Recently a friend-of-a-friend asked if she should move to New York City to take improv and writing classes at the Upright Citizens Brigade Theater.
The short answer is, oh, hell yes. If that’s what you want to do.
But the longer answer, what I sent this young lady, is a missive, which I happily rattled off to someone who was probably expecting a tip like, “Sign up for Sketch Writing 101.”
As much as I was offering advice to a stranger, I was also writing a pep talk for myself: reminders of what I did right and wrong, and how I’d do it differently were I in the very exciting position of starting anew at age 22.
And then I thought, Who am I to give advice? I’m just an average improviser! What can anyone learn from me?
What I concluded—and how I justify listening to me—is that most of us are average. That’s math, not pessimism. (Unless math is pessimistic.) Statistically speaking, you will have more in common with me than say, the Genius Amy Poehler. But you should definitely listen to her, too. You can learn from lots of people, but ultimately, you should listen to yourself. (And really, the best advice I’ve seen recently is over at Rob Delaney’s page.)
So, regardless of the artistic path you’re on, I thought I’d share. Thus with no further ado, I present to you…
ADVICE TO A YOUNG ARTIST FROM AN AVERAGE ONE
1. Find the people who love you and vice versa and work with them. First, you’ll play better in an environment that supports your ideas. Second, the whole point of “following your bliss” is to have fun, and this way, you’ll have more fun, which, of course, makes you better at comedy anyway.
2. Write as much as you can and PUT IT OUT THERE. The only way you’ll get better, and find your style, is by seeing what works. The nice thing about now is that it’s incredibly easy to put your work “out there” and get feedback. (Thanks, internet!)
3. Ask for feedback when it’s only 70% perfect. The people who are most successful are always shipping, even when it’s not perfect. Especially when it’s not perfect. Do not let perfection (which you’ll never achieve) stand in the way of progress (which you can achieve). Also: always say thank you for feedback, even if it’s idiotic.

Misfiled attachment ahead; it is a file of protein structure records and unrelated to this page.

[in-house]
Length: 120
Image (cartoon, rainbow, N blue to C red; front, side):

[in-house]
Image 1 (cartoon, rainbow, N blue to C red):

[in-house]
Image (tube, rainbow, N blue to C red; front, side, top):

4. Keep classes in perspective. They’re a way to test your material, get practice, meet funny people, build a network, etc. What they can’t do is give you permission or validation—again, that’s your job. I spent too much time waiting for approval, when I needed to trust myself more.
5. Enjoy the process. To quote Amy Poehler, who I heard speak at the 92Y recently: “Comedy is all about embarrassing yourself.” So: take risks, give yourself time, and don’t put too much pressure on yourself to say, get a paying gig in three years. It could take ten—and I’ve seen people “make it” after plugging away for 13 years. Besides, realistically, you may never get to the point where you want to be. So enjoy the failures. Two arguments for this: (1) those flops are helping you get better; (2) they’re reminders that you’re living your dream. It sounds like a punchline, and it can be used as one, but living the dream is more than many people do.
6. Get a job that will give you enough time to write/perform but also provide rent money. And get health insurance. This is not easy. This is one of the biggest challenges of this game. Some folks will tell you to go “balls out” and make your life so miserable that you have no choice but to find success and thus pull yourself out of the sludge that is your life, I say NO!!!!!. You will drain all your creative energy, using it to worry about where your rent money will come from, or working three jobs to pay rent.
7. Buy Bob McKee’s STORY. If you want to get into screenwriting, it’s the Bible.But even if you don’t want to into screenwriting, STORY will explain movies and storytelling better than anything I’ve ever read. Oh also: buy Final Draft software to write sketches.
8. Don’t listen to every jackass with an opinion. Including me. I wasted so much money doing commercial classes because people told me I should. Well, guess what? I didn’t like it. I thought auditions were stupid, I wasn’t good at them, and thus I didn’t put in the energy to get better at them. I wasted everyone’s time.
9. Remember why you’re here. Before embarking on anything that will take more than an hour of your time, ask yourself: Does this [Show/Class/Practice Group/Friend’s Show] support why I’m here? If not, go do something that will.
10. Be cool. You’ll find, when you start to do comedy, that other comedians rarely laugh. Nothing’s funny enough; everything’s been done before. This is lame because (1) you gain nothing by noticing what’s bad about something; (2) the world isn’t going to judge you so harshly and the world, in fact, often appreciates something that’s relatable; and (3) everything’s been done before.
11. Have a life. Date, enjoy your day job, see friends who aren’t in comedy, volunteer, yada yada yada. It will give you more to write about anyway.